Continued: Taking the plunge
Unfortunately, the challenges facing the Santee River are common, Bruce explains.
"Population growth in both metropolitan and rural areas has affected water quality, sometimes leading to high levels of arsenic or mercury. Land use is changing: there’s a lot of development, commercial and residential, which causes storm water run off. High levels of nutrients from fertilizers can cause problems.
"There are recreational issues, like trash left behind by people enjoying the water. Drought is a big issue, too," he says. "And the Santee has additional concerns, including a toxic waste dump that sits about 10 yards from Lake Marion."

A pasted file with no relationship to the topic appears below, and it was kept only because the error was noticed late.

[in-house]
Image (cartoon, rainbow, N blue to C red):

Bruce’s plans for the Santee include water testing, advocacy work, outreach, and working closely with local, state, and regional agencies.
"I’ll also make presentations to high school students and college students," he says. "It’s important for them to know how to preserve water quality in the future."
Ensuring water quality
To become the first Congaree River riverkeeper, Mehrzad went through the same rigorous application process Bruce did. It was worth it.
"Being riverkeeper is a great gig," he says.